Flashcards in R6 - Alpha Scattering And Nulcear Equations Deck (12):
What happened in 1804?
- John Dalton agreed with Democritus that matter was made of tiny sphere ("atoms") that couldn't be broken up
- He reckoned that each element was made up of a different type of "atom"
What happened 100 years later?
- J J Thomson discovered that electrons could be removed from from atoms (so Daltons theory wasn't quite correct)
- Thomson suggested that atoms were spheres of positive charge with tiny negative electrons stuck in them like plums in a plum pudding
Why didn't the "plum-pudding" theory not work?
- In 1909 Hans Geiger and Ernest Marsden tried firing alpha particles at thin gold foil.
- Most of the particles went straight through and where detected when they hit the zinc sulfide screen and gave off a tiny flash of light. The odd alpha particles came straight back which was a shock
Who came up with the nuclear model of the atom?
Ernest Rutherford, boss of Geiger and Marsden, uses their results to come up with it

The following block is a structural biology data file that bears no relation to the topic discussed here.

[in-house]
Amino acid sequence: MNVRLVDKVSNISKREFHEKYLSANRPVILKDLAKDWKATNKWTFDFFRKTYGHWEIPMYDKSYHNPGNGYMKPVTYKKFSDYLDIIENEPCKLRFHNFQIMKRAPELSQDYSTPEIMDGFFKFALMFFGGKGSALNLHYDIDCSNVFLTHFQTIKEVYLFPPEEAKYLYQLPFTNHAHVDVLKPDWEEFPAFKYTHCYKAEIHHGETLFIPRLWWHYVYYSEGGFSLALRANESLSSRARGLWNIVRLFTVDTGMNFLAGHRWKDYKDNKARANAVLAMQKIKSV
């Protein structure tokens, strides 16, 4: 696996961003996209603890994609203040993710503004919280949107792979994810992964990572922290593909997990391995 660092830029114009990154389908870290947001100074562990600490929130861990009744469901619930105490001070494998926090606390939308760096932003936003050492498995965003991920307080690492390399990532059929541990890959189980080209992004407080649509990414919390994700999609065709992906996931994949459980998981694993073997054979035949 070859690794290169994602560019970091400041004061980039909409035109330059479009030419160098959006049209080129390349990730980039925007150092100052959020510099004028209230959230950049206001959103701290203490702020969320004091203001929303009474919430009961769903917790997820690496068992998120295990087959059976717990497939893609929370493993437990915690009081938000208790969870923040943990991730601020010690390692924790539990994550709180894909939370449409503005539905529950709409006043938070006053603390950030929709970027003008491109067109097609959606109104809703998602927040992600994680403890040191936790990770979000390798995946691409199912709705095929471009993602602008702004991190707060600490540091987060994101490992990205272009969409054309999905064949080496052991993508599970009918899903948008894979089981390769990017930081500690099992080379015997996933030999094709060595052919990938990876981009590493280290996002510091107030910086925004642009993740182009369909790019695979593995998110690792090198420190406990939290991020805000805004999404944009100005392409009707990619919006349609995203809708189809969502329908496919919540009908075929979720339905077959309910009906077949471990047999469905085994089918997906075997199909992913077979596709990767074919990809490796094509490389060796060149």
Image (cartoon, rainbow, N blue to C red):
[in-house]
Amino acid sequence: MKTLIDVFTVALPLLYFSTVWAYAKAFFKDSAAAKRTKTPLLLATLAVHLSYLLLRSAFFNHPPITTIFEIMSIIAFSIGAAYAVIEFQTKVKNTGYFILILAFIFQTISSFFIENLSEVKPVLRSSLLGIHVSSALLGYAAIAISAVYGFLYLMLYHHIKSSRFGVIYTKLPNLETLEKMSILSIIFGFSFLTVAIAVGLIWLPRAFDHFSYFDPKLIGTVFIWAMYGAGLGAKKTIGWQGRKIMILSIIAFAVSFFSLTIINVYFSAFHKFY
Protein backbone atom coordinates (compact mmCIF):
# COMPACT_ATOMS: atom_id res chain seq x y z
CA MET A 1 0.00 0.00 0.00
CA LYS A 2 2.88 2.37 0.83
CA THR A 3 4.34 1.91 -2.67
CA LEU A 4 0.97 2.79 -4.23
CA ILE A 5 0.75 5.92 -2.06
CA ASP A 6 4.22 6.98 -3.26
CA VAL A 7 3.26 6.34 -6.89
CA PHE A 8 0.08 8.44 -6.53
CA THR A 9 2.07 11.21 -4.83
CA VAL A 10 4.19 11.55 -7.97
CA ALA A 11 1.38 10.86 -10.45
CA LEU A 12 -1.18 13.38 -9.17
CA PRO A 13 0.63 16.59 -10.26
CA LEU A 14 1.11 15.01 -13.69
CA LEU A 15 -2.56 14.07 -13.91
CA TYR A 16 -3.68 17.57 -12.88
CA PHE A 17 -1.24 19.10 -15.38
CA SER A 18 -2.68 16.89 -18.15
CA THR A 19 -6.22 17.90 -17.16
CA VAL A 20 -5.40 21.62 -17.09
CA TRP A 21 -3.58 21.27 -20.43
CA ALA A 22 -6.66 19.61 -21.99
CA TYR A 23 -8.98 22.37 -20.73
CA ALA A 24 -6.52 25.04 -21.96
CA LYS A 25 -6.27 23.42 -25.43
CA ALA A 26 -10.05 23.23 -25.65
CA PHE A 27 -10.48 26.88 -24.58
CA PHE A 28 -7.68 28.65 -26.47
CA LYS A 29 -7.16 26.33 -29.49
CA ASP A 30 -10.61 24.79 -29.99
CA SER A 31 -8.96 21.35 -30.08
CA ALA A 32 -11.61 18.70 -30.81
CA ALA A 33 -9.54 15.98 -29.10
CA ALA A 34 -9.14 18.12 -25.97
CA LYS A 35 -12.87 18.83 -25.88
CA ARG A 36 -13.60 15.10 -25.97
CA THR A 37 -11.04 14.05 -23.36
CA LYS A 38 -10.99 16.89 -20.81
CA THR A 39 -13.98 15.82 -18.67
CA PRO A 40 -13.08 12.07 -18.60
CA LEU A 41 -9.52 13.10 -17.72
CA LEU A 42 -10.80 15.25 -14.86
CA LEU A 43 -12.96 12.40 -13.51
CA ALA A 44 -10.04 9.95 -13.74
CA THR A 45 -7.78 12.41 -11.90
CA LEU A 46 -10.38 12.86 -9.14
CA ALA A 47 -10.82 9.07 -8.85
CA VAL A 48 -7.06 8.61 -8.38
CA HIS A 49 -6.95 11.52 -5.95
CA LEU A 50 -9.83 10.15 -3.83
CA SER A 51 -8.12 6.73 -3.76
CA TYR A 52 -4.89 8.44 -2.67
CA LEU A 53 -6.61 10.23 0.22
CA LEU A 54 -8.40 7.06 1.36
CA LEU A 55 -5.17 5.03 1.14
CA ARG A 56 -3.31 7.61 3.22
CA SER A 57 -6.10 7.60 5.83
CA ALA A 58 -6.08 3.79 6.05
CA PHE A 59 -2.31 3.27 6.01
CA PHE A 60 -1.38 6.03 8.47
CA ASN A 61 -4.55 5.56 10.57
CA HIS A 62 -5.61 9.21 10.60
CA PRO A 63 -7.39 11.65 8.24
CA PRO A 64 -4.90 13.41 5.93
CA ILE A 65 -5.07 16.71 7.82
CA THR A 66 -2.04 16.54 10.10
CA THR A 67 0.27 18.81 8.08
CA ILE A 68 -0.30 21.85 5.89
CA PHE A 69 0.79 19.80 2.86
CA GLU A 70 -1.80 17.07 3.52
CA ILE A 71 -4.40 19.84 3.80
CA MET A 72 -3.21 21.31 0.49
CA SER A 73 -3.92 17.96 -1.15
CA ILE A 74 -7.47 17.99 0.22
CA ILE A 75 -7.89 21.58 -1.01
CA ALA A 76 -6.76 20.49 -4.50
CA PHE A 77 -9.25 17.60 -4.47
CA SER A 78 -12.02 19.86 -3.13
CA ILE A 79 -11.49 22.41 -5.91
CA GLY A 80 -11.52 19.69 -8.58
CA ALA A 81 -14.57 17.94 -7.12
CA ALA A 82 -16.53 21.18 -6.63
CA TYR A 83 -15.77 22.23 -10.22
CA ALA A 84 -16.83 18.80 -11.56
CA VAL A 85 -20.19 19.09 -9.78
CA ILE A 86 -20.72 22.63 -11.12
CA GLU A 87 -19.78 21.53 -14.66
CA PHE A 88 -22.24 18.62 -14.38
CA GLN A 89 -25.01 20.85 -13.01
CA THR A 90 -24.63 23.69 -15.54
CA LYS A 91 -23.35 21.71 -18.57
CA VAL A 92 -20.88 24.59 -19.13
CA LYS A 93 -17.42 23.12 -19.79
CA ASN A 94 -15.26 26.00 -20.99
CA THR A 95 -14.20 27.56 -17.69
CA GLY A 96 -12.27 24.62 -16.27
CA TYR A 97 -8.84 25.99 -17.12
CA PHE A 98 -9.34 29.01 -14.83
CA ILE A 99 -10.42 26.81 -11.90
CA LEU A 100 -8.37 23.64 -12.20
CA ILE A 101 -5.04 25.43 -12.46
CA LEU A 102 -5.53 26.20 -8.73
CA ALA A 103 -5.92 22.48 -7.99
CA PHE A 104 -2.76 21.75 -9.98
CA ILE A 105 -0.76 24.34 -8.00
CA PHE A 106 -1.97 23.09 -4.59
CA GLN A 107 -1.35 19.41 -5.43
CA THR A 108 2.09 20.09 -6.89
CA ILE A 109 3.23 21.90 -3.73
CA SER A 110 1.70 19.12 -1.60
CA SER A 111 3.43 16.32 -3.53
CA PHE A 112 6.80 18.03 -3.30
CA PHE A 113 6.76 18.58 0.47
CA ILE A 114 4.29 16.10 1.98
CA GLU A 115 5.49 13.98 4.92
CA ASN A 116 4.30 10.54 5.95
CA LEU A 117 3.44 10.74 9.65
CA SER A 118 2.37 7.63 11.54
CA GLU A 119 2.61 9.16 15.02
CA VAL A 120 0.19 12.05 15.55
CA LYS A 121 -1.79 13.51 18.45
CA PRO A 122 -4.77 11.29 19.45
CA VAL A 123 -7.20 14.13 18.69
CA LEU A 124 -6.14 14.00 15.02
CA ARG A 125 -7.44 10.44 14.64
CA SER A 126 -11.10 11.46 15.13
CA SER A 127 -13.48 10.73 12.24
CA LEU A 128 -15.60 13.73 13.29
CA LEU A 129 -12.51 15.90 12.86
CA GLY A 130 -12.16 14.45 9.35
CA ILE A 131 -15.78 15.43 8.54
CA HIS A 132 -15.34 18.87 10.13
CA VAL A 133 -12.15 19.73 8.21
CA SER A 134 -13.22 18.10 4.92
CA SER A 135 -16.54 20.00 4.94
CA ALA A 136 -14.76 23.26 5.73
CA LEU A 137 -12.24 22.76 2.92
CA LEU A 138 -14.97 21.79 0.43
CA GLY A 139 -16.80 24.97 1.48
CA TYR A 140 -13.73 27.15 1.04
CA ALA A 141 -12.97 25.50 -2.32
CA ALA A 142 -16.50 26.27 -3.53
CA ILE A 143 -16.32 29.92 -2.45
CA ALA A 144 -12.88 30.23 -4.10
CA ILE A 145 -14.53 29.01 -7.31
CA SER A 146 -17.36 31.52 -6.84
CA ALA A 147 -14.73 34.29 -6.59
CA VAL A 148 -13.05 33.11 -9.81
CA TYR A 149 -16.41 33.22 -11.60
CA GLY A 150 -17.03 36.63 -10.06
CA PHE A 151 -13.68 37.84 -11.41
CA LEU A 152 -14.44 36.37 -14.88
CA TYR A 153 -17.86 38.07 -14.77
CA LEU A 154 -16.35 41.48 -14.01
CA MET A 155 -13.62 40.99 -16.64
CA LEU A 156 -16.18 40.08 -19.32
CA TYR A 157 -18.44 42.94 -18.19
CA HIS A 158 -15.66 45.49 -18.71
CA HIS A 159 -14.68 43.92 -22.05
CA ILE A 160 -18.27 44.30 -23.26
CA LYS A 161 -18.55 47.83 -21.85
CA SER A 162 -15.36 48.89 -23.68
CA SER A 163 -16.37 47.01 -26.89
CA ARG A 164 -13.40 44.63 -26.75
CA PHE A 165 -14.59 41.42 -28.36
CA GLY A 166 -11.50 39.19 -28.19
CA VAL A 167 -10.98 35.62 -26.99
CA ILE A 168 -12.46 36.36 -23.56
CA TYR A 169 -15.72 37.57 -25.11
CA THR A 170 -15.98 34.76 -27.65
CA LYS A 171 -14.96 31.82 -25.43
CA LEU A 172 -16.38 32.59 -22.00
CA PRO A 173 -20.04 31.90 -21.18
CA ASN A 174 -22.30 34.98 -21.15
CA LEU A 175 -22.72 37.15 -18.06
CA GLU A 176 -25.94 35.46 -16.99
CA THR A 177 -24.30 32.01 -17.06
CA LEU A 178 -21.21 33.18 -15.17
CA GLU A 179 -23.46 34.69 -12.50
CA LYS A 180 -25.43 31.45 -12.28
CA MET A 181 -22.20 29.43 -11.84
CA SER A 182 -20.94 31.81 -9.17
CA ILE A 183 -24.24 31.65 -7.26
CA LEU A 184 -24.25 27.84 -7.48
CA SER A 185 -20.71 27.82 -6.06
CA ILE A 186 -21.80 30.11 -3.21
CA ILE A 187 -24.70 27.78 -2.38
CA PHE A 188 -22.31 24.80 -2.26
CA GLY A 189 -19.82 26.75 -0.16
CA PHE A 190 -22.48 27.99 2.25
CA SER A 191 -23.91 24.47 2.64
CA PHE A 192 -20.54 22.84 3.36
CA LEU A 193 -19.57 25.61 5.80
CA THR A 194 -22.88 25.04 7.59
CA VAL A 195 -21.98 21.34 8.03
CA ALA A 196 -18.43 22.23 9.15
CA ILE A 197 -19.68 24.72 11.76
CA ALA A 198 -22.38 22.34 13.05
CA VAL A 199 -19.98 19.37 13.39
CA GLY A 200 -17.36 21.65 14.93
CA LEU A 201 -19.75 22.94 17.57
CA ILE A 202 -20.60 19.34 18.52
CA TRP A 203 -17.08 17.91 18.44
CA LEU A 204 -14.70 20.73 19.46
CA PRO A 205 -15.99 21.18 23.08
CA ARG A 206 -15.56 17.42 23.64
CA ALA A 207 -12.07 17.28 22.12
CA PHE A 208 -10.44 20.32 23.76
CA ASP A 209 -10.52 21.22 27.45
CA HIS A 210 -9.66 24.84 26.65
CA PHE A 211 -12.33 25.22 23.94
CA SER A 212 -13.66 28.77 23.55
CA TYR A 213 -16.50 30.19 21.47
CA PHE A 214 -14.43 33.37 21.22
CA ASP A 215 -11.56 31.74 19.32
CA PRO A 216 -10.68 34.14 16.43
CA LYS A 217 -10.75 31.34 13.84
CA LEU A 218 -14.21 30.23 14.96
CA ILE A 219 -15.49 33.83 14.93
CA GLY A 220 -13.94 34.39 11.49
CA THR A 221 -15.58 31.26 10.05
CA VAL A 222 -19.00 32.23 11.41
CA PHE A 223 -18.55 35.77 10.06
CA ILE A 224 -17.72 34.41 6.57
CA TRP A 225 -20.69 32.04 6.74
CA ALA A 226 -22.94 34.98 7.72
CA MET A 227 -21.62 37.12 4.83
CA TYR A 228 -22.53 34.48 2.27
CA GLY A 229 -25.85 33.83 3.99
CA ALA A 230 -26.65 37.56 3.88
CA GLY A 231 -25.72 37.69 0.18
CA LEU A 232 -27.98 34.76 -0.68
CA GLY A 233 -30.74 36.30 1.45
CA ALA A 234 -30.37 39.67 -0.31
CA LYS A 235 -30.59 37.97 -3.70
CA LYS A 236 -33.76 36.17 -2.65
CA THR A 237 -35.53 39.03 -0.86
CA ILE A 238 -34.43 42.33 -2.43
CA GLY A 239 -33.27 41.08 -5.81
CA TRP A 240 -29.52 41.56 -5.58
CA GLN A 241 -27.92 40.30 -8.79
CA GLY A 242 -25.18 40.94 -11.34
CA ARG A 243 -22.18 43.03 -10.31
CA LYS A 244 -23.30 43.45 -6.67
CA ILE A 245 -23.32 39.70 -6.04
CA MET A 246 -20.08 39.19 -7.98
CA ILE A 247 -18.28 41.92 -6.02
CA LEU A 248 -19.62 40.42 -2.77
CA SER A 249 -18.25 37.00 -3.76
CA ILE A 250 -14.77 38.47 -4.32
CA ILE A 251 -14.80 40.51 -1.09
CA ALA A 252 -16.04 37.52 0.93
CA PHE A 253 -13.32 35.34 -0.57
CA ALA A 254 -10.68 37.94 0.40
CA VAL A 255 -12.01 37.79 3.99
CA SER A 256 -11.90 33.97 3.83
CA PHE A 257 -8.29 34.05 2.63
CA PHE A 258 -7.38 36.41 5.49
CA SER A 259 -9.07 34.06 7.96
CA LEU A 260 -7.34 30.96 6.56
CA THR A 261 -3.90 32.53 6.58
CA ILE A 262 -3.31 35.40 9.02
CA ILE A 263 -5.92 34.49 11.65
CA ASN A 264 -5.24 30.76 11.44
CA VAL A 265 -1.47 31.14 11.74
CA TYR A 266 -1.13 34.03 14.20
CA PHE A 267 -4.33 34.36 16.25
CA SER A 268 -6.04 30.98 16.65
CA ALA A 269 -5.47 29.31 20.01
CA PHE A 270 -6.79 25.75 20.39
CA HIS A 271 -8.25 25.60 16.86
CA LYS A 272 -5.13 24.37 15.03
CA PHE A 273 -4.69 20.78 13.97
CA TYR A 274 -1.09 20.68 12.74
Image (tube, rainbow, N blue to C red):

If the plum pudding was right, what should happen to the alpha particles?
They should pass straight through the gold foil
What was concluded from the fact that some of the alpha particles bounced back?
Inside the atoms there must be small positively charged nuclei which repel the passing alpha particles
What does Rutherfords model of the atom show?
- Most of mass concentrated at the centre
- Most of an atom is empty space
- Nucleus must be small since since very few alpha particles are deflected by much
- The nucleus must be positive to repel the positively charged alpha particles
The faster an alpha particle travels...
The less it will be deflected by a nucleus
The more positively charged a nucleus is (the higher the atomic number)...
The more an alpha particle will be deflected
The closer an alpha particle passes to the nucleus...
The more it will be deflected
What do you need to remember when your balancing a nuclear equation?
The total atomic number and mass number has to be equal on both sides